New York’s Health Department Completes Review of Fracking (HVHF)

by Dee Fulton on December 18, 2014

HVHF Marcellus Drilling & Fracking is Not Safe

New York’s Health Department Completes Public Health Review of Marcellus Drilling & Fracking — It is Not Safe!

“And for what? For a little bit of money. There’s more to life than a little money, you know. Don’tcha know that? And here ya are, and it’s a beautiful day. Well. I just don’t understand it.” Movie buffs may recognize those words as belonging to Marge Gundersun (played by Frances McDormand) as she surveyed the carnage of a serial killer in the Coen brothers movie, Fargo.

I think of that quote when I consider fracking. Fracking wrecks communities. It poisons drinking water, releases carcinogenic compounds into the air, and destroys quality of life and land value. Those individuals who profit from this industry know that. So the negative health impacts may be less dramatic than the murders of Fargo, but the concept is the same. Fracking activities are harming others for the sake of money. Well. I just don’t understand it.

So, now that New York State has completed its “public health review” of Marcellus drilling and fracking, it’s time for WV, PA, OH and MD to go in a new direction.  Consideration of the public health, as well as the earth (air, water, streams, rivers, lakes, soils, roads, farms, and residential neighborhoods), should be the primary focus before profits to the major corporations.


The NYS Department of Environmental Conservation has issued the following press release:

New York State Department of Health Completes Review of High-volume Hydraulic Fracturing
>>> Acting DOH Commissioner Zucker Recommends Activity Should Not Move Forward in New York State

>>> DEC Commissioner Martens Will Issue a Findings Statement Early Next Year to Prohibit High-Volume Hydraulic Fracturing

The state Department of Health has completed its “public health review of high-volume hydraulic fracturing (HVHF)” and Acting DOH Commissioner Dr. Howard Zucker recommended that high-volume hydraulic fracturing should not move forward in New York State. Dr. Zucker announced his findings and recommendations today at a Cabinet Meeting in Albany.

“I have considered all of the data and find significant questions and risks to public health which as of yet are unanswered,” said Dr. Zucker. “I think it would be reckless to proceed in New York until more authoritative research is done. I asked myself, ‘would I let my family live in a community with fracking?’ The answer is no. I therefore cannot recommend anyone else’s family to live in such a community either.”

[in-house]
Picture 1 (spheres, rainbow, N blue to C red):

In 2012, Department of Environmental Conservation (DEC) Commissioner Joe Martens asked the DOH Commissioner to conduct a review of the draft Supplemental Generic Environmental Impact Statement for High-Volume Hydraulic Fracturing (SGEIS). Dr. Zucker’s report fulfills that request.

As a result of Dr. Zucker’s report, Commissioner Martens stated at the Cabinet Meeting today that he will issue a legally binding findings statement that will prohibit HVHF in New York State at this time.

“For the past six years, DEC has examined the significant environmental impacts that could result from high-volume hydraulic fracturing,” DEC Commissioner Joe Martens said. “DEC’s own review identified dozens of potential significant adverse impacts of HVHF. Further, with the exclusion of sensitive natural, cultural and historic resources and the increasing number of towns that have enacted bans and moratoria, the risks substantially outweigh any potential economic benefits of HVHF. Considering the research, public comments, relevant studies, Dr. Zucker’s report and the enormous record DEC has amassed on this issue, I have directed my staff to complete the final SGEIS. Once that is complete, I will prohibit high-volume hydraulic fracturing in New York State at this time.”

DEC will incorporate the findings of the public health review into the Final SGEIS, which will be released with a response to public comments early next year. A minimum of 10 days later, Commissioner Martens will issue the findings statement prohibiting HVHF. This action will conclude the State Environmental Quality Review Act process for HVHF.

DOH’s review found significant uncertainties about: the adverse health outcomes that may be associated with HVHF; the likelihood of occurrence of adverse health outcomes; and the adequacy of mitigation measures to protect public health. DOH’s report concludes that it will be years until science and research provide sufficient information to determine the level of risk HVHF poses to public health and whether those risks can be adequately mitigated. Given the red flags raised by current studies, absent conclusive studies that disprove health concerns, the report states the activity should not proceed in New York State.

In conducting its public health review, DOH reviewed and evaluated scientific literature, sought input from outside public health experts, engaged in field visits and discussions with health and environmental authorities in nearly all states where HVHF activity is taking place, and communicated with local, state, federal, international, academic, environmental and public health stakeholders. DOH’s review (1.54 MB) can be found at:

At the Cabinet meeting, Governor Cuomo thanked the Commissioners and their respective departments for their work.

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